Retailers challenging business rates payments could be facing longer waits as experts predict the system could crumble under pressure from the number of appeals.

The Valuation Office Agency (VOA), which sets business rates, is yet to process 300,000 backlogged appeals, some of which date back to 2010.

However, the impending October deadline for 2017’s revaluation figures means that appeals are no longer its top priority.

In 2015/16, the Valuation Tribunal Service heard 22% fewer appeals cases than the previous year, as the VOA revaluated its top priorities.

“The decrease shows the pressure VOA resources are under as it diverts staff from handling appeals to revaluations,” said business rates analyst Paul Turner-Mitchell, warning that “something’s got to give”.

In extending the revaluation period, the VOA set a cut-off date for appeals, which has led to a mass influx of submissions.

In terms of new rates for 2017, Turner-Mitchell explained that big savings would not be on the cards because of a process ensuring revaluations were “revenue neutral”.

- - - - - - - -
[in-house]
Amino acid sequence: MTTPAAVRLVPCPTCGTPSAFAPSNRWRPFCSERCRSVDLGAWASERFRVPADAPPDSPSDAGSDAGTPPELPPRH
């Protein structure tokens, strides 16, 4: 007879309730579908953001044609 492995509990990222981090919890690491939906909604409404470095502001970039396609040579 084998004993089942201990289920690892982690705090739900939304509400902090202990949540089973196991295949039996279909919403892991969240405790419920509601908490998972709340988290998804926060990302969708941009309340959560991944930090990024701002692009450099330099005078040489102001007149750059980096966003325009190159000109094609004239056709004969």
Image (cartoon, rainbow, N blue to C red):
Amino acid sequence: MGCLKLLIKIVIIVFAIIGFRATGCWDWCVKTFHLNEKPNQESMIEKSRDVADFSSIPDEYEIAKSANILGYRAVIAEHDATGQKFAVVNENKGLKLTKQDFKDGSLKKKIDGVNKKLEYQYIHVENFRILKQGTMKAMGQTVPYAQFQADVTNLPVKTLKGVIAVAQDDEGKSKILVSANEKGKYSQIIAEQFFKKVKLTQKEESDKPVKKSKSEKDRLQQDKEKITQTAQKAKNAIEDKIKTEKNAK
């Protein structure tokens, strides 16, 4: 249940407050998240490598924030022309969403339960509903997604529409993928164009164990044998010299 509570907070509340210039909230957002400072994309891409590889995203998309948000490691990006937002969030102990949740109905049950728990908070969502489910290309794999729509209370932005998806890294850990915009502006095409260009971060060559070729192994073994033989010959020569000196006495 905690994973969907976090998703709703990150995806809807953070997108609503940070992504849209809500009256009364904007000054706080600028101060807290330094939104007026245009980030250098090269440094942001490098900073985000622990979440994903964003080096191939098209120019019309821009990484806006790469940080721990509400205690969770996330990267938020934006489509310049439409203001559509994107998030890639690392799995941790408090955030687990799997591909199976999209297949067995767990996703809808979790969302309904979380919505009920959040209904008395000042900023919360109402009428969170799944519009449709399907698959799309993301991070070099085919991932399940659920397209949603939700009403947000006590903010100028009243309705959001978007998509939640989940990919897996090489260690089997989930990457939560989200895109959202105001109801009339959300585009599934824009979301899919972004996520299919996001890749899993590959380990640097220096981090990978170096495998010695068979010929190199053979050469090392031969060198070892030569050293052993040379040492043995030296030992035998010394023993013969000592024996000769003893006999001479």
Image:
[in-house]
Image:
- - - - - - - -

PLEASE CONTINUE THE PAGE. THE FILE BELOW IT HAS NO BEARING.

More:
“A lot of businesses have high hopes that their rates will go down if their premises’ value has declined,” he said. “Transitional Release will mean massive rate changes come in gradually, for retailers experiencing both increasing and decreasing property values.”

Turner-Mitchell called for an overhauled system, where the right amount is refunded quickly to those with genuine appeals.

“The VOA is historically incredibly slow at processing appeals,” he said. “If you’re a small retailer with an appeal that has merit, it doesn’t stop the local council chasing you for money while you’re waiting for that to go through.”